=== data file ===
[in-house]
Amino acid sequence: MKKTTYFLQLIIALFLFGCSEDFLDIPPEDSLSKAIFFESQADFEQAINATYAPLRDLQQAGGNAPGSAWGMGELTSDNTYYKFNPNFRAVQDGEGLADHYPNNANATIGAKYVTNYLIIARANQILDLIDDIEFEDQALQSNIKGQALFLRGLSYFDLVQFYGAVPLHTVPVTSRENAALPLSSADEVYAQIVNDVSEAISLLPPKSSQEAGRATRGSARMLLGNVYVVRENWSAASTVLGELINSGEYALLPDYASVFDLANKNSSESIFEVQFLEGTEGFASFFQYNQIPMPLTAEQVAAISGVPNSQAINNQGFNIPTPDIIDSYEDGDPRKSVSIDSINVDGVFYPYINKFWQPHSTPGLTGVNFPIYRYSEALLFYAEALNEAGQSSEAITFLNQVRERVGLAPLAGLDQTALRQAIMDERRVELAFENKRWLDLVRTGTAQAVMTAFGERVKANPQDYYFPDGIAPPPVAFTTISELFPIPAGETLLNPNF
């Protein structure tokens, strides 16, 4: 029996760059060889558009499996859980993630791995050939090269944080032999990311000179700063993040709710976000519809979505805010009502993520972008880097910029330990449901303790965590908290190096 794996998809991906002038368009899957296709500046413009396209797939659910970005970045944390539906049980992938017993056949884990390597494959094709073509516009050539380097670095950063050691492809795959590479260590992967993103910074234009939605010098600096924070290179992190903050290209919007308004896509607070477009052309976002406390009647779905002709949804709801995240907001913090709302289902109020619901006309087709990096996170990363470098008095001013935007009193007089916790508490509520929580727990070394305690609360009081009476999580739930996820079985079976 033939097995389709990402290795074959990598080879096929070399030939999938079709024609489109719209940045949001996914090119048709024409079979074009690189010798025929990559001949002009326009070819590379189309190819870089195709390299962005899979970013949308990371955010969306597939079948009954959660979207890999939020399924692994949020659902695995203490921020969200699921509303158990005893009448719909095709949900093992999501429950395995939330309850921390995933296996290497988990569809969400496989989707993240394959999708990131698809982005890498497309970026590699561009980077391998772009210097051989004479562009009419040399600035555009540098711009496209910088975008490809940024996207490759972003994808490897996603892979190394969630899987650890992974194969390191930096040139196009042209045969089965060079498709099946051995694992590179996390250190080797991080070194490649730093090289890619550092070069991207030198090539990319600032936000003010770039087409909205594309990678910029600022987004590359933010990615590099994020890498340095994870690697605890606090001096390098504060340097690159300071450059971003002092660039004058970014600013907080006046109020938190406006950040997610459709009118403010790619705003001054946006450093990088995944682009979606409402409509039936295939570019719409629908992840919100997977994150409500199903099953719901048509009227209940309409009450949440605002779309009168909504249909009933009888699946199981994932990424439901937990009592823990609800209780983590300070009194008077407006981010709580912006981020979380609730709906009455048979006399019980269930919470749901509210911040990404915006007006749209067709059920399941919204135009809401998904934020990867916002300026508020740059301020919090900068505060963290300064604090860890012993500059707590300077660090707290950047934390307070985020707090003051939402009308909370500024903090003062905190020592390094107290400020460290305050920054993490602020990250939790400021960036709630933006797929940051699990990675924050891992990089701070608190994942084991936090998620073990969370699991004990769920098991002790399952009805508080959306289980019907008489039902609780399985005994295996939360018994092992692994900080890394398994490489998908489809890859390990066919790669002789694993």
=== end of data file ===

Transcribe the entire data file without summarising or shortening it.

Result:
[in-house]
Amino acid sequence: MKKTTYFLQLIIALFLFGCSEDFLDIPPEDSLSKAIFFESQADFEQAINATYAPLRDLQQAGGNAPGSAWGMGELTSDNTYYKFNPNFRAVQDGEGLADHYPNNANATIGAKYVTNYLIIARANQILDLIDDIEFEDQALQSNIKGQALFLRGLSYFDLVQFYGAVPLHTVPVTSRENAALPLSSADEVYAQIVNDVSEAISLLPPKSSQEAGRATRGSARMLLGNVYVVRENWSAASTVLGELINSGEYALLPDYASVFDLANKNSSESIFEVQFLEGTEGFASFFQYNQIPMPLTAEQVAAISGVPNSQAINNQGFNIPTPDIIDSYEDGDPRKSVSIDSINVDGVFYPYINKFWQPHSTPGLTGVNFPIYRYSEALLFYAEALNEAGQSSEAITFLNQVRERVGLAPLAGLDQTALRQAIMDERRVELAFENKRWLDLVRTGTAQAVMTAFGERVKANPQDYYFPDGIAPPPVAFTTISELFPIPAGETLLNPNF
């Protein structure tokens, strides 16, 4: 029996760059060889558009499996859980993630791995050939090269944080032999990311000179700063993040709710976000519809979505805010009502993520972008880097910029330990449901303790965590908290190096 794996998809991906002038368009899957296709500046413009396209797939659910970005970045944390539906049980992938017993056949884990390597494959094709073509516009050539380097670095950063050691492809795959590479260590992967993103910074234009939605010098600096924070290179992190903050290209919007308004896509607070477009052309976002406390009647779905002709949804709801995240907001913090709302289902109020619901006309087709990096996170990363470098008095001013935007009193007089916790508490509520929580727990070394305690609360009081009476999580739930996820079985079976 033939097995389709990402290795074959990598080879096929070399030939999938079709024609489109719209940045949001996914090119048709024409079979074009690189010798025929990559001949002009326009070819590379189309190819870089195709390299962005899979970013949308990371955010969306597939079948009954959660979207890999939020399924692994949020659902695995203490921020969200699921509303158990005893009448719909095709949900093992999501429950395995939330309850921390995933296996290497988990569809969400496989989707993240394959999708990131698809982005890498497309970026590699561009980077391998772009210097051989004479562009009419040399600035555009540098711009496209910088975008490809940024996207490759972003994808490897996603892979190394969630899987650890992974194969390191930096040139196009042209045969089965060079498709099946051995694992590179996390250190080797991080070194490649730093090289890619550092070069991207030198090539990319600032936000003010770039087409909205594309990678910029600022987004590359933010990615590099994020890498340095994870690697605890606090001096390098504060340097690159300071450059971003002092660039004058970014600013907080006046109020938190406006950040997610459709009118403010790619705003001054946006450093990088995944682009979606409402409509039936295939570019719409629908992840919100997977994150409500199903099953719901048509009227209940309409009450949440605002779309009168909504249909009933009888699946199981994932990424439901937990009592823990609800209780983590300070009194008077407006981010709580912006981020979380609730709906009455048979006399019980269930919470749901509210911040990404915006007006749209067709059920399941919204135009809401998904934020990867916002300026508020740059301020919090900068505060963290300064604090860890012993500059707590300077660090707290950047934390307070985020707090003051939402009308909370500024903090003062905190020592390094107290400020460290305050920054993490602020990250939790400021960036709630933006797929940051699990990675924050891992990089701070608190994942084991936090998620073990969370699991004990769920098991002790399952009805508080959306289980019907008489039902609780399985005994295996939360018994092992692994900080890394398994490489998908489809890859390990066919790669002789694993």